Dover-based gem hunters rock the world

The owner of Market Square Jewelers is the subject of a new documentary on gem-buying adventures

Peter Henry collects rocks, but not just any rocks. These rocks are pretty, and very rare. Sometimes Henry must travel to far reaches of the globe in order to obtain such treasures. In the upcoming documentary, “Rockmen,” filmmaker H. Nelson Tracey follows Henry and a small team as they search for beautiful gems and jewels in places that aren’t typical tourist destinations.

Henry discovered his love for natural stones and organic items in the 1970s. Today, he is the owner of Market Square Jewelers, with locations in Dover; Portsmouth; Newburyport, Mass.; and Portland, Maine. With his online store, his business sells gems and jewels to customers all over the globe.

“Our objective is to show the widest diversity of natural gem material of any store in the world,” Henry said.

In order to achieve that goal, he must look beyond New England for rare stones. Henry has become a master gem hunter, traveling to places like Brazil, Sri Lanka, India, Thailand, and Colombia to uncover the best finds.

“I’ve mapped out gem sites all over the world,” he said. “I know how to get this stuff. I know how to quietly go about my business and find these stashes of material.”

Peter Henry of Dover's Market Square Jewelers in Sri Lanka for filming.

From left, filmmaker H. Nelson Tracey, Market Square Jewelers owner Peter Henry, and Henry’s business partners Mohammed Shyam and Lonnie McCulloch in Sri Lanka. photo by H. Nelson Tracey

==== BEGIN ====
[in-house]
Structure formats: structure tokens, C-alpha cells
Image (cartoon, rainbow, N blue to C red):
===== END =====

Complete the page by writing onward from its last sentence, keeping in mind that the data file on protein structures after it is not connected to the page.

Gem hunting
When Henry travels to a foreign location to buy gems, it’s no vacation. He spends a typical day at a buying center, which he says is usually in a small, hot room.

“I find a corner and put a table across it and get behind it,” he says. “Then the dealers come to the table and they start showing me stuff.”

He tells the dealer to open their parcel and flip the stone for him.

“I look, I like, I take. I look, I don’t like, I go like this,” he said, making a “get lost” motion with his hand.

Not every jeweler is cut out to go on these types of excursions. Henry, who often travels with business partners Mohammed Shyam and Lonnie McCulloch, said the buying rooms become very crowded with sellers, and everyone wants him to see what they have. It’s an intense atmosphere.

“We’re following the trail of trying to create a little piece of perfection,” Henry said. “If we keep that mentality in front of us, then the money comes. But it’s not about the money. Money is the end result of doing something well.”

Lonnie McCulloch in Colombia during filming.

Lonnie McCulloch examines an emerald at a mine in Colombia. photo by H. Nelson Tracey


Gem filming
Nelson Tracey is Henry’s cousin’s son. The 23-year-old went to Chapman University in Orange County, Calif., to study film. He graduated last May and now does freelance work in Los Angeles. Last August, Henry contacted Tracey with an idea that sounded “a little more like a pipe dream,” Tracey said. The idea was to create “Rockmen” as the pilot for a documentary series about the trials and adventures of the gem-buying industry. Despite the tall order, Tracey took on the job.

“I’m relatively new at all this,” said Tracey. “I’ve studied narrative film with big scripts and lots of actors.”